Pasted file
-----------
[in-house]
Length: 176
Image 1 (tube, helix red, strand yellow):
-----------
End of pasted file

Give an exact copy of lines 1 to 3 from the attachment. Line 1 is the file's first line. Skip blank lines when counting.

[in-house]
Length: 176
Image 1 (tube, helix red, strand yellow):